Queensland follows national trend of rising HIV diagnoses
The latest HIV Annual Surveillance report shows the number of newly diagnosed infections in 2013 remained similar to 2012.
Released today, the report shows a total of 1,235 cases of HIV infection were newly diagnosed in Australia in 2013.
The number is slightly down on the 2012 figure (1,253), which was the highest since diagnoses hit a lowpoint of 724 in 1999.
Compiled by UNSW’s Kirby Institute, the report also states around one in seven Australians with HIV do not know they have the virus and HIV continues to be transmitted primarily through sexual contact between men, accounting for 70 per cent of new diagnoses in 2013.
In Queensland there were 236 new diagnoses of HIV in 2013 (259 in 2012).
Recent Queensland Government weekly surveillance figures show Queensland’s year to date HIV notifications at 118, up 40 per cent on last year’s figure.
Queensland AIDS Council executive director John Mikelsons said the increasing trend in HIV notifications underlines the need for a strong, effective and peer led approach to HIV prevention in Queensland.
“We know from the research and evidence that a response led by the affected communities is critical to turning around HIV infection rates,” he said.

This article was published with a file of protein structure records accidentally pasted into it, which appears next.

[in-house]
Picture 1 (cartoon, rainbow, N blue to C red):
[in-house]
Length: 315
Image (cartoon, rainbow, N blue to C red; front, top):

“This means targeting our effort and resources to the community that is most affected by HIV – gay men. We need a new, refreshed effort by community organisations, government, clinicians and researchers to ensure we drive down HIV infection rates in Queensland.”
Between 13,200 and 19,500 people were receiving antiretroviral treatment and had undetectable levels of HIV. This corresponds to 49 – 73 per cent of all people with HIV and 57 – 84 per cent of people with diagnosed HIV infection.
Michael Scott, QuAC’s director of Sexual Health said improving testing rates was critical to addressing the HIV epidemic.
Rapid HIV tests can let a person know their HIV status within 30 minutes, and QuAC was the first organisation in Queensland to roll out this technology at its centre in Teneriffe.
“Identifying undiagnosed HIV in the community and treating it early improves health outcomes for people living with HIV and reduces the risk of transmission,” Scott said.
“Indeed, HIV treatment can reduce the risk of transmission by 96 per cent.”
The HIV Foundation Queensland has cautioned that there is much more work to be done to address concerning behavioural trends.
Foundation chair Dr Darren Russell said despite a drop in new HIV notifications
being reported last year, more work needed to be done if Queensland was to see a
reduction in new infections.
“Initiatives aimed at increasing testing and encouraging prevention are at the core of
our work," he said.
Russell said access to rapid HIV testing in Queensland would be greatly increased this year, particularly at a community level.
"As more people get tested we expect to see increased diagnoses, but this is essential if we are to reach the significant number of people who do not know they have the virus as highlighted in the report,’’ he said.